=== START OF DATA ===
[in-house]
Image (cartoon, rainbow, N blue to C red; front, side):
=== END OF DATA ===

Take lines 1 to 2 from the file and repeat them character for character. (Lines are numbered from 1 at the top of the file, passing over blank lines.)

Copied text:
[in-house]
Image (cartoon, rainbow, N blue to C red; front, side):